Infectious diseases in the European brown hare (Lepus europaeus) in the Netherlands An analysis of past and present study, a contribution to future studies
Costa, R.M. da
MetadataShow full item record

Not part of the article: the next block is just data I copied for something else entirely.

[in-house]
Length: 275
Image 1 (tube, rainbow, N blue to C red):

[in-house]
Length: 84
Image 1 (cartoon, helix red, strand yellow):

The European brown hare (Lepus europaeus, Pallas 1778) is an important game animal in the Netherlands and Europe. A decline in its population has been seen in Europe for several decades, and has also been noticed in the Netherlands. Diseases have been linked to this decline, but it is unknown to which extent. Therefore, the aim of this study was to increase the number of submissions, to make an analysis of infectious diseases, to investigate the role of reproductive life cycle in susceptibility to diseases, and to create a hare specific examination protocol. In order to do so, a pilot was used. Hare reports from 2008-2011 were analyzed, during present and retrospective study, and a literature study was performed. In total, 56 hares were submitted, of which 54 hares could be used for analysis. The most morphological diagnoses were identified in the respiratory system, with pneumonia most commonly found. Etiological diagnoses could be made of diseases in different systems, which could be found in 59% of the hares. Pasteurellosis was identified in 11%, Staphylococcus spp. in 9% and yersiniosis in 2%. Only 1 out of 54 hares was suspected of having a virus, the European Brown Hare Syndrome virus. Ticks and Eimeria spp. were the ecto- and endoparasites most found. Amyloidosis was found in 8 out of 54 hares. Two separate protocols were created, designed to serve as an instruction and reminder. The scale of this study was limited, even though the pilot led to more cases. The analysis of infectious diseases was incomplete due to the lack of etiological diagnoses. A relation was found between the reproductive life cycle and diseases, but previous studies also showed that weather conditions can contribute to this relationship. The necropsy and sampling protocol and the other results from this study can contribute to future studies on infectious diseases in the European brown hare in the Netherlands.